Lighting the Menorah

The Traditional Way to Light the Menorah

The first blessing thanks God for the commandment to “kindle the Hanukkah lights.” We therefore recite the blessing before lighting the candles, and then proceed to carry out the commandment.

The second blessing praises God for the miracle the candles publicize, and is therefore said as the candles are being lit.

Hold the lit shamash in your right hand and say:

  1. Ba-ruch a-ta A-do-nai, E-lo-hei-nu me-lech ha-olam, a-sher kid-sha-nu be-mitz-vo-tav ve-tzi-va-nu le-had-lik ner shel cha-nu-kah.
    Blessed are you, Lord our God, King of the universe, who has sanctified us with his commandments and commanded us to kindle the lights of Hanukkah.
  2. Ba-ruch a-ta A-do-nai, E-lo-hei-nu me-lech ha-olam, she-a-sa ni-sim la- avo-tei-nu ba-ya-mim ha-hem ba-zman ha-zeh.
    Blessed are you, Lord our God, King of the universe, who performed miracles for our ancestors, at this season, in days past.
  • On the first night of Hanukkah we add the following “shehechiyanu” blessing, signifying that it is the first time that we have lit the Hanukkah lights this season:
    Ba-ruch a-ta A-do-nai, E-lo-hei-nu me-lech ha-olam, she-he-chi-yanu ve-kiy’manu ve-higi-anu la’zman ha’zeh
    lessed are you, Lord our God, King of the universe, who gave us life and kept us and delivered us to this time.

Lighting the Menorah

On the first night of Hanukkah, a single candle (or oil wick) is lit, on the far right side of the menorah. On each successive night an additional candle is added, from right to left (two candles lit on the second night, three on the third…) until finally, on the eighth night, all eight candles are lit. It is customary to light from left to right, with the newest candle lit first. Kindly allow the candles to burn themselves out.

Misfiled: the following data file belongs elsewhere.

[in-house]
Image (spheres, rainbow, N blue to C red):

The candles are lit by a “shamash” or service candle, which after being used to light the other candles, takes its own special place on the menorah – usually in a place slightly set apart from the rest.

When To Light

The candles are lit starting at nightfall, and should burn for at least half an hour. On Friday afternoon, the candles are traditionally lit before sunset, to avoid lighting on the Sabbath. By putting longer candles in the menorah (or thick Shabbat candles on tin foil), the lights will still be burning after it grows dark.

Where To Light

The glowing Hanukkah candles are meant to advertise the holiday’s miracles. That’s why some people erect towering menorahs in shopping centers, hotels and town squares.

At home, some families put the lit menorah in the window where passers-by can see their light, while others place the menorah where family members can best enjoy it.

And afterwards…

Got all that? Don’t worry, there are eight nights to get it right!

After lighting all the candles of the day, it’s traditional to sing upbeat Hanukkah hymns like “Ha’Nerot Ha’Lalu (Those Candles) or Maoz Tzur (Rock of Strength).

Then enjoy homemade latkes with sour cream and apple sauce (we’ll save the miracle of cholesterol for next week).

The above is from the Jewish Communication Network

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